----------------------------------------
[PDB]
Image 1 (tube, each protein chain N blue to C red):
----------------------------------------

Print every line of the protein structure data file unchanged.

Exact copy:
[PDB]
Image 1 (tube, each protein chain N blue to C red):